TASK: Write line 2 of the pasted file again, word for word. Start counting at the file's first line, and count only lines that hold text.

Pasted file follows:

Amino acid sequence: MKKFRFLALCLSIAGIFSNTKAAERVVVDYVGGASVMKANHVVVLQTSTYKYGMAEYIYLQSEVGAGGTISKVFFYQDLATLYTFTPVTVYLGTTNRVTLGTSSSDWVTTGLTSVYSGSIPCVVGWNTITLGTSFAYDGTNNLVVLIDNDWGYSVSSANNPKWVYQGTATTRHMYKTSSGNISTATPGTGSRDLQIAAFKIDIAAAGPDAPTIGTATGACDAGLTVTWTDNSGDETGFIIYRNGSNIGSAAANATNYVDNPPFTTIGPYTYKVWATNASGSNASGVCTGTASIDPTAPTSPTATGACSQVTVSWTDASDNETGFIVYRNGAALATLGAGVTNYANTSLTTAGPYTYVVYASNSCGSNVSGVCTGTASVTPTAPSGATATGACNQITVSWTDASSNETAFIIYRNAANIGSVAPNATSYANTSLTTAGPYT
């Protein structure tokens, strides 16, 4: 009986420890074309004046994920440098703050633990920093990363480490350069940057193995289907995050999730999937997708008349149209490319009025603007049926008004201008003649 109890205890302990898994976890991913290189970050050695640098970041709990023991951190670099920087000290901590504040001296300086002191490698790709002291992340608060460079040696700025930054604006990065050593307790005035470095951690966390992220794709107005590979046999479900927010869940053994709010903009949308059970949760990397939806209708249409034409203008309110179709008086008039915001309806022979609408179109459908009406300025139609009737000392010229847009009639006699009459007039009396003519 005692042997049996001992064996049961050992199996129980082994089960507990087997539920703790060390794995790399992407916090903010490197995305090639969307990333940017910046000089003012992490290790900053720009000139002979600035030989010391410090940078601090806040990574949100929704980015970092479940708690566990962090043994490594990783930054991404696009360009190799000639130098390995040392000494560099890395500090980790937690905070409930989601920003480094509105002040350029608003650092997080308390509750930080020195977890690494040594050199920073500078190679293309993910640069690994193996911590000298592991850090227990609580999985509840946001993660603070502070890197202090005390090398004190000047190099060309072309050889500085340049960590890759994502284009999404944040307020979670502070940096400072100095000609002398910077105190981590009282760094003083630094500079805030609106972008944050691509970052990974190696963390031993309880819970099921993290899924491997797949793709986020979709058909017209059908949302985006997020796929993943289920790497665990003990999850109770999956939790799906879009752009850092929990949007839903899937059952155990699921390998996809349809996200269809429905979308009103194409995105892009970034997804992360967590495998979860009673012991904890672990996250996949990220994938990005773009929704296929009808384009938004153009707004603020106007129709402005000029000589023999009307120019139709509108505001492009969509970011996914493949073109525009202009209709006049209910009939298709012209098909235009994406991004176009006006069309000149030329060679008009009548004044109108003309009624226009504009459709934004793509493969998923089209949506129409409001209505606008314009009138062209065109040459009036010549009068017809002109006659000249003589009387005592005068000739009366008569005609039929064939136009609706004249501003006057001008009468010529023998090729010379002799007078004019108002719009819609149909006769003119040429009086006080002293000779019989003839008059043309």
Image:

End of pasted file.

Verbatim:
């Protein structure tokens, strides 16, 4: 009986420890074309004046994920440098703050633990920093990363480490350069940057193995289907995050999730999937997708008349149209490319009025603007049926008004201008003649 109890205890302990898994976890991913290189970050050695640098970041709990023991951190670099920087000290901590504040001296300086002191490698790709002291992340608060460079040696700025930054604006990065050593307790005035470095951690966390992220794709107005590979046999479900927010869940053994709010903009949308059970949760990397939806209708249409034409203008309110179709008086008039915001309806022979609408179109459908009406300025139609009737000392010229847009009639006699009459007039009396003519 005692042997049996001992064996049961050992199996129980082994089960507990087997539920703790060390794995790399992407916090903010490197995305090639969307990333940017910046000089003012992490290790900053720009000139002979600035030989010391410090940078601090806040990574949100929704980015970092479940708690566990962090043994490594990783930054991404696009360009190799000639130098390995040392000494560099890395500090980790937690905070409930989601920003480094509105002040350029608003650092997080308390509750930080020195977890690494040594050199920073500078190679293309993910640069690994193996911590000298592991850090227990609580999985509840946001993660603070502070890197202090005390090398004190000047190099060309072309050889500085340049960590890759994502284009999404944040307020979670502070940096400072100095000609002398910077105190981590009282760094003083630094500079805030609106972008944050691509970052990974190696963390031993309880819970099921993290899924491997797949793709986020979709058909017209059908949302985006997020796929993943289920790497665990003990999850109770999956939790799906879009752009850092929990949007839903899937059952155990699921390998996809349809996200269809429905979308009103194409995105892009970034997804992360967590495998979860009673012991904890672990996250996949990220994938990005773009929704296929009808384009938004153009707004603020106007129709402005000029000589023999009307120019139709509108505001492009969509970011996914493949073109525009202009209709006049209910009939298709012209098909235009994406991004176009006006069309000149030329060679008009009548004044109108003309009624226009504009459709934004793509493969998923089209949506129409409001209505606008314009009138062209065109040459009036010549009068017809002109006659000249003589009387005592005068000739009366008569005609039929064939136009609706004249501003006057001008009468010529023998090729010379002799007078004019108002719009819609149909006769003119040429009086006080002293000779019989003839008059043309």